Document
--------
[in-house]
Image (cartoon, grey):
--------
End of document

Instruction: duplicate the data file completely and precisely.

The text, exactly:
[in-house]
Image (cartoon, grey):